Today’s marketing expert Matt Heinz, president of Heinz Marketing in Redmond, Washington. Matt brings over 15 years of experience in sales and marketing. He is the author of five books on selling, social marketing, field marketing and web strategy.
Matt was recognized as one of the top 50 Sales & Marketing Influencers by Sales World in 2012. In this interview, Matt shares his thoughts on good marketing which are based on a very complete set of the tools and strategies that make marketers successful today: from writing and content marketing to metrics and data. Enjoy.
1. What company is an example of good marketing today? Who do you admire?
Hubspot and Marketo are nailing it, in my opinion. Great content, great understanding of their customers, lots of respect for the buyer and the stage they’re at in the buying cycle. I guess you would expect market-leading platforms to be particularly good at the marketing, but that’s not always the case. Here it certainly is.
2. Did you have a mentor or a person you learnt the most from? What was a key lesson?
I’ve learned and continue to learn from so many people. I truly am inspired and educated on a daily basis by amazing people who share on their blogs, in podcasts, at conferences, etc. But if I had to narrow down the most important business mentor I’ve had to date, it would be Don Gregory (president for OnTarget Consulting & Research). He epitomizes servant leadership. The way he conducts himself and his company, the values he holds and preserves, truly an inspiration for me.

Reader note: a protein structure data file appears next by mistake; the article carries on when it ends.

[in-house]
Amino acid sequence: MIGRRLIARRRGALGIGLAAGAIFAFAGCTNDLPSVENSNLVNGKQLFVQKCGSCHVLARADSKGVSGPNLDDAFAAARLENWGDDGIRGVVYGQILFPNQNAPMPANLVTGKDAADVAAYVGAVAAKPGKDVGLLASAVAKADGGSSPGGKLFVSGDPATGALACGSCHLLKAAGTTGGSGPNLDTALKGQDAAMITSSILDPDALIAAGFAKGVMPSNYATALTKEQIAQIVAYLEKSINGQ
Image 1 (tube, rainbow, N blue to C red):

3. What story of a successful marketing strategy could you share?
We’ve built our business almost entirely on content and social, which is to say entirely on content. Social is just a channel, after all. Your Twitter strategy would suck (or may suck) without good content that resonates, creates interest, and ultimately drives action from your customers and prospects.
4. What is your marketing superpower, the most important skill that makes you a great marketer?
I think I’m a good writer. I’ve been writing as long as I can remember, and I’m fortunately that it comes relatively naturally for me. I don’t spend a lot of time writing and rewriting drafts. We produce a ton of content for ourselves and our clients, so the ability to “bang it out” as they say has been really valuable.
5. What interesting book have you read recently?
One of the best books on marketing I’ve read in the past five years is Scientific Advertising by Claude Hopkins. It was written in 1923 but is still intensely relevant today. Short book, you’ll finish it on a focused two-hour flight. Highly recommended.
6. What new, modern tactic, tool, or aspect of marketing should marketers pay more attention to?
Predictive analytics. The ability to translate more data into the right data and the precise next step or piece of content that will help move an individual prospect forward. Micro marketing at an individual level like this isn’t the future. It’s here now. Check out Lattice Engines and Infer for examples of how this is manifesting already for market-leading companies.
7. What good aspect of basic marketing have marketers neglected in recent years?